Q&A TED News

How to give more persuasive presentations: A Q&A with Nancy Duarte

Posted by: Kate Torgovnick May

Stepping onto the TED or TEDx stage — or speaking in front of any group of people, for that matter — is truly nerve-wracking. Will you remember everything you wanted to say, or get so discombobulated that you skip over major points? Will the audience be receptive to your ideas, or will you notice a guy in row three nodding off to sleep?

Presentation expert Nancy Duarte, who gave the TED Talk “The secret structure of great talks,” has built her career helping people express their ideas in presentations. The author of Slide:ology and Resonate, Duarte has just released a new book through the Harvard Business Review: The HBR Guide to Persuasive Presentations.

The TED Blog talked with Duarte in her California office about what makes a killer presentation, as well as about how giving her own TED Talk shaped her thoughts on presenting.

What would you say are the three keys to giving a great presentation?

The number one thing, I think, is to be audience-centric. To take the time to think through who the audience is and develop all your material from a place of empathy toward them. You’re asking them to adopt your idea, which means they may have to abandon a belief they hold as true — and that’s hard. So, know your audience — take a walk in their shoes. What keeps them up at night? How are they wired to resist your message? Most presenters are consumed with preparing their content rapidly, which makes the material about their own narrow perspective. By flipping that paradigm to an audience-centric approach, your material will resonate and the audience can feel a deeper connection to you and your material.

Number two, you need to understand your role in the presentation. So many people feel like they’re the central figure — kind of like the hero of the story — because they’re the one talking the most. But in reality, your role is that of a mentor — you should be giving the audience a magical gift or a special tool, or helping them get unstuck in some way. You have to defer to your audience. When you put your idea out there for an audience to contend with — if they reject your idea, your idea will die. You have to think of it as, “The speaker needs the audience more than the audience needs the speaker.” Then you’ll start to approach a material with your audience in mind – you’ll have more of a stance of humility than one of arrogance. That will help you create the kind of movement needed to get your idea to spread.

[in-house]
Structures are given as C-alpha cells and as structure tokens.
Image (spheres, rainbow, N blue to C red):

And then the third thing — wrap your content in story. A story serves like the sugarcoating on the outside of a pill in some ways — it just makes it go down easier. If you look at preliterate generations for thousands and thousands of years, stories would pass down for generation after generation after generation — and stay almost completely intact. Yet, a lot of people can’t remember the last presentation they sat through. So, using principles of story — the tension and release that happens in a story — that’s what will help persuade the audience toward your idea.

I’m curious — what do you feel like you learned from giving your own TEDTalk?

I learned so much. Being the “Presentation Lady,” I knew I couldn’t suck at it. The hardest part was getting [my talk] to fit within this finite amount of time. So I trimmed and trimmed, keeping in mind that you still have to nail why this is important to the audience. I had a person coach me and point out places where I could trim. “You took too long here, and that made this part of emphasis too long.” I worked with the timer counting up until I knew I was within the time window — then what I did was work with the timer counting down so I’d know, “When I’m a fourth of the way through, I should be on this slide. When I’m halfway through, I need to be on this slide.” I created markers in my mind so I would know how I was running on time. Sure enough, I finished the talk and I had six seconds left on the clock.

It was a great experience for me because I hadn’t gone through it myself. I’d coached people through it but — wow — to actually be a victim was interesting. I learned the power of rehearsing. If you rehearse really, really, really well — it looks improvisational. Some people rehearse to a point where they’re robotic, and they sound like they have memorized their presentation and didn’t take it to the next level. Going from sounding memorized and canned to sounding natural is a lot of work.

So, the classic advice for stage fright is to imagine the audience in their underwear. What do you recommend people do to calm their nerves?

I don’t usually get nervous, but when I got on [the TED] stage, I was nervous because it’s pretty high stakes. I recommend doing some breathing exercises — breathe in as deep as you can, and then take a couple more big gasps. Then, release it really slowly. That calms my heart down. But my favorite piece of advice isn’t my own — it’s from a guy named Nick Morgan. He said, “What you need to do right before you walk on stage is think of someone that you love dearly.” Doing that, I felt the chemistry in my whole body change. My shoulders relaxed and my heart melted. That feeling of affection makes your body calm itself down. That’s a really great way to stop stage fright.

What is the best way to start creating a presentation?